2. neither sales nor marketing go behind-the-scenes, into the environment/culture in which the buyer lives, to help facilitate the non-solution-focused internal political or relational issues buyers must address to get the necessary buy-in and make the necessary adjustments to their culture that change demands.
  3. buyers don’t know their route through change when they begin to think about resolving a problem.
  4. the time it takes buyers to get the appropriate buy-in from all who will touch the solution is the length of the sales/change cycle. Until they figure this entire process out, they cannot buy. This is considered the pre-sales process.

These are the issues we come smack up against as sales folks: we try to push a solution into a group that haven’t progressed through their entire change management path and get objections and time delays as buyers figure it out. And we are so dedicated to finding ways to present our solution that we are blind to the buyers needs to manage change. I often ask my own clients where their prospects are in their change path at the point and initially they want to pitch and they have no idea.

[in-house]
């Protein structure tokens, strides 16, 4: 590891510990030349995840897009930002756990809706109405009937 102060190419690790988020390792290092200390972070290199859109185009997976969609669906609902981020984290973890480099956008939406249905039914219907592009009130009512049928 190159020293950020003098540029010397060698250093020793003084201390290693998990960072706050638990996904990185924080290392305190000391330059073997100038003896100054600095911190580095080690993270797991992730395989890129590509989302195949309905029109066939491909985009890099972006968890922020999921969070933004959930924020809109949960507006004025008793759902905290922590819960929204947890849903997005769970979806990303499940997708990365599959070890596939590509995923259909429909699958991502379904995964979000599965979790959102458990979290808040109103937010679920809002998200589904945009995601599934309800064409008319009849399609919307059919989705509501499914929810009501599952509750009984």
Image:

A Solution Can’t Compromise The Status Quo

Buyers have 13 steps they must take from first idea to making a purchase. Sales enters and manages steps 10-13. Steps 1-9 are the pre-sales process that focuses on change and determining if a purchses is necessary: assembling the right people, understanding the effects that solving a problem will produce, getting buy-in for a course of action – and then, determining if/what/why they want to buy. Unfortunately, as outsiders we can never understand what’s going on – nor do we need to. We just need to help them do it themselves. When we enter too early for them, we potentially speak to the wrong person/people, at the wrong time – and then we sit and wait while they figure it out. We are holding a hammer, waiting for the time when they are ready with a nail. But this is a much more efficient way to do this.